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Local and state officials discuss opioid crisis 

  • Kate Frey, Vice President of Advocacy for New Futures, discusses the impacts of the state’s opioid crisis at a panel hosted by the Council for a Healthier Community on Friday, May 11, 2017. (Abby Kessler/ Monadnock Ledger-Transcript) Staff photo by Abby Kessler—Monadnock Ledger-Transcript

  • Panel members discuss the impacts of the state’s opioid crisis at an event hosted by the Council for a Healthier Community on Friday, May 11. Staff photo by Abby Kessler

  • Kate Frey, Vice President of Advocacy for New Futures, discusses the impacts of the state’s opioid crisis at a panel hosted by the Council for a Healthier Community on Friday, May 11, 2017. (Abby Kessler/ Monadnock Ledger-Transcript) Staff photo by Abby Kessler—Monadnock Ledger-Transcript

  • Panel members discuss the impacts of the state’s opioid crisis at a discussion hosted by the Council for a Healthier Community on Friday, May 11, 2017. (Abby Kessler/ Monadnock Ledger-Transcript) Staff photo by Abby Kessler—Monadnock Ledger-Transcript



Monadnock Ledger-Transcript
Tuesday, May 16, 2017

A public health advisory council in the greater Monadnock region hosted a panel discussion Friday afternoon directed at state and local efforts addressing the opioid crisis that’s ravaging the state.

The Council for a Healthier Community, whose purpose is to lead the community-driven process for improving health outcomes, hosted the event at the Cheshire County Department of Corrections, which was comprised of local and state representatives who work closely with opioid-related issues.

“This is not something we got into overnight,” said James Vara, Gov. Sununu’s advisor on Addiction and Behavioral Health.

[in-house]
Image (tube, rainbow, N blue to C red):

About 12 years ago, prescription pills were the issue, he said. At the time, Vara was a prosecutor, and nearly every case that crossed his desk involved prescription pills. About five years ago, state officials said prescription pills turned into heroin, which turned into fentanyl, and, most recently, carfentanil.

“We saw that shift in New Hampshire,” Vara said.

Each development has been more lethal than the last.

As a representation, Vara said, opioid-related deaths have spiked from a little less than 200 a few years ago to about 400 deaths last year. He said all of those deaths are a result of a combination of heroin and fentanyl, or straight fentanyl. He said fentanyl is largely manufactured in China, shipped to Mexico, and then moved north. New Hampshire’s supply is coming from northern Massachusetts.

He said carfentanil is the most concerning recent development. The drug, which is used as a large game tranquilizer, is 100 times more potent than fentanyl.

“What that means is we will see significantly more overdose deaths,” Vara said.

Already the trend is playing out. In Manchester alone they have tallied 40 overdoses, eight of which have resulted in deaths this year.

“A great fear I have is certainly that we’ll see more of this,” Vara said. “… People will be dying everywhere.”

Kate Frey, vice president of advocacy for New Futures, based in Concord, said in addition to the loss of lives, the crisis also poses a statewide economic issue.

In 2014, the crisis is estimated to cost $1.8 billion. More recently that number has spiked to $2.36 billion. She said that number includes a loss of productivity in the workplace, health care, criminal justice, motor-vehicle crashes, and local costs as well.

“There is no way to get around substance abuse impacts, not only at a personal level, but now on the statewide economy,” Frey said, adding that it costs an estimated $21,000 annually for a person struggling with substance misuse. “… And that doesn’t even mention the human cost.”

A flurry of statistics and anecdotes given by panel members during the session painted a bleak picture of the future of the state’s crisis.

But one statistic doesn’t: 53 percent.

That’s the number of people in New Hampshire who say this crisis is the top problem facing the state.

“Those of you who work in mental health know an individual is not going to change their behavior until they realize there’s a problem, and we can expand that to the state, the state is not going to change their behavior until they know that there’s a problem,” Nelson Hayden, Keene Serenity Center board treasurer and a recovering addict, said. “And 53 percent of this state knows that there’s a problem.”